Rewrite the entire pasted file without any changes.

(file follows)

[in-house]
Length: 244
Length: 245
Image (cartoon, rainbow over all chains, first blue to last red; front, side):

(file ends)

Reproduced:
[in-house]
Length: 244
Length: 245
Image (cartoon, rainbow over all chains, first blue to last red; front, side):